Lewy Body, Alzheimer’s,
and Dementia Support
Get Information. Dementia is a symptom (or range of symptoms) caused by disease that impairs cognitive ability. There are many causes for dementia, the most common being Alzheimer’s Disease (AD). [Read facts here]. The 2nd most common form of progressive, incurable dementia (and yet, the most often misdiagnosed) is Lewy Body Dementia (LBD). To learn if LBD might be the correct diagnosis for demenita symptoms, please visit The Lewy Body Dementia Association (LBDA).page that provides an easy-to-understand explanation of the disease: its symptoms, causes, diagnosis criteria, prognosis, and links to more help. For help in understanding AD, it’s prevelance, diagnosis, care and treatments, visit Alzheimer’s Association (ALZ.org).
Get Support. If you are caring for someone with dementia, including AD or LBD check out the information provided by the Lewy Body Dementia Association (LBDA), the Alzheimer’s Association (ALZ.org), Mayo Clinic, and other organizations. The important thing to know is that you are not alone! And please tell us a little about your situation and why you might need help.
Support for Substance Abuse and the Three Ds
Caregivers and their Careés are especially vulnerable when it comes to substance abuse. The prolonged exposure to the stress of caring for—or being cared for—inevitably causes damage to heart and health. Care—needing it or providing it—can be, and usually is, physically and emotionally draining. It’s exhausting. Feelings of hopelessness are a common companion. Despair leads to depression. Depression leads to self-medication. Combine this with a tendency for a poor diet augmented by over-the-counter ‘supplements’ that often cause adverse reactions with prescribed medications, and you have a recipe for disaster.
Despair – Depression – Disaster. The Three ‘Ds. A difficult situation (caregiving) often runs that D-D-D gamut until the only viable solution is addiction therapy. For a caregiver, so immersed in the needs of their Careé, weekly one-hour counseling sessions can be helpful, but these are soon overshadowed by the reality of the 24/7 tasks that consume thought and time. Between sessions, the therapy-recipient is back on that D-D-D treadmill, assuming they ever stepped off it at all. Pills, booze, and injectables become our friends.
The Three Ds also present a serious problem for seniors, those whose health is compromised by merely having lived so long, and whose emotional state compromised by loneliness. Physical limitations tend to impair social activity. Friends die, move away, become less accessible. Family members have their own issues, and distance themselves to address them. Socialization, once taken for granted, now becomes an ordeal, with diminishing options. Trips to the doctor become an anticipated social outing, because there is someone there who seems to care, someone to talk to besides talking to the TV, at home, alone. Check out the waiting room next time you visit. What do you see? Too many lonley, ‘old’ people waiting for someone to talk to. D-D-D.
Most of them have that handy, compartmented pill box, which holds all their daily doses. As the years go by, the box gets bigger and the joys of living get smaller. It’s easier to pop a pill and wash it down with a little alcohol to sleep better, soothe arthritic aches and pains, or give you a little high when you’re feeling low. According to our local coroner, too many elderly die of overdose. Accidental? Probably, but for some, who are aware of the consequences when they mix their meds or overindulge, perhaps not.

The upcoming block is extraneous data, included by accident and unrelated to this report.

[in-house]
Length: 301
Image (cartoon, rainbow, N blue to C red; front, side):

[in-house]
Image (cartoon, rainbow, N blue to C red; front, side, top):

Enter social services—public and private. Most communities provide a variety of services to help the ill, infirm, or just plain elderly cope with substance abuse and the ongoing effects of the Three Ds. A good place to start looking for help is your local ADRC (Aging and Disability Resource Center) office. Another might be the Center for Independent Living (or its equivalent). Most communities also have a mental health center. Depending on the severity of the Three Ds, your family doctor can make referrals for psychological (or psychiatric) counseling. Church families offer pastoral counseling. Some also have psychologists and therapists on staff.
For those who can afford professional help, or whose insurance covers it, the variety of available resources is open-ended. There are many in-patient and out-patient, staffed facilities and practices that specialize in addiction treatment. You may not even be there yet, may not self-define as ‘addicted,’ but if you or someone you care for or care about is headed in that direction, reach out for help.
Help is definitely out there. But first, you have to acknowledge that you need it. And then, you need to seek it out and accept it when you find it. If your first choice isn’t working, keep on looking.
The Internet is a good resource. To find those near (or accessible to) you, Google terms like: addiction therapy, recovery, addiction treatment, mental health services. Ask your doctor. Call your church. Check in with the local Senior Center, if there is one. Ask members of your Caregiver’s support group, if you belong to one. If you’re caring for someone in a care facility, ask the social worker or nursing staff for help.
Here are some organizations and facilities we’ve found. These are suggestions, not recommendations. You need to do your own research to determine what might work best for you.